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From wooden shack to global media magnate: The rise and fall of Robert Maxwell

11 17 15

LONDON — When Robert Maxwell’s four-story-high yacht sailed into New York in early March 1991, he was seemingly at the zenith of his power and influence. With an estimated wealth of $1-2 billion, the British publisher was in the city to complete the purchase of America’s oldest tabloid, the New York Daily News, and thus realize his dream of matching arch-rival Rupert Murdoch in the global media stakes.

Over the coming days and weeks, the self-styled “Bob the Max” relished his moment of triumph to the full: entertaining New York’s glitterati aboard the Lady Ghislaine, schmoozing with the Washington elite at the annual Gridiron dinner and standing beside Gen. Colin Powell at a ticker-tape parade welcoming home American troops following their victory in the Gulf War.

Within months, however, Maxwell had fallen from the deck of his yacht in mysterious circumstances. His media empire swiftly collapsed beneath the weight of crippling debts; his reputation forever blackened by the revelation that in a desperate effort to keep the bankers at bay, he had looted millions from his companies’ pension funds.

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The story of Maxwell’s rise and crash — the subject of “Fall: The Mystery of Robert Maxwell,” a brilliantly told and compelling new book by British author John Preston — is akin to a Shakespearean tragedy.

“It’s very hard to think of anyone in the 20th century who journeyed as far from his roots as Maxwell,” Preston tells The Times of Israel in an interview. Those roots were in the small town of Solotvino in the province of Ruthenia (then part of Czechoslovakia), where in June 1923 Maxwell became the firstborn son of Mehel and Chanca Hoch’s nine children. Anti-Semitism was rife and the family lived in grinding poverty. Home was a two-room wooden shack with earthen floors and a pit latrine at the back; in the winter, two children would share one pair of shoes. The Dancing Hare, previously known as the Lady Ghislaine, in January 2020. (Wikimedia commons/ CC-BY-SA-4.0/ Andrewrutherford)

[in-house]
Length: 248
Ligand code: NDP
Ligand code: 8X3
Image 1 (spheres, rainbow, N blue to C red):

Lies, half-truths and exaggeration

Jan Hoch, as he was then known, was studying at a yeshiva in Bratislava when the Nazis invaded Czechoslovakia in March 1939 and handed Ruthenia to their Hungarian allies. Hoch cut off his sidelocks — a symbolic breach with Judaism which would not be healed for more than four decades — and left Solotvino three months later. He never saw his mother, father, grandfather, three of his sisters or younger brother again. All but one sibling perished at Auschwitz. His escape and their fate, Preston believes, haunted Maxwell for the rest of his life. John Preston, author of ‘Fall: The Mystery of Robert Maxwell.’ (Photo by Justine Stoddart)

Much of Maxwell’s early life is clouded in mystery. The broadcaster Michael Parkinson remarked nearly half a century later that it “supports the theory that often truth is more exotic than fiction.”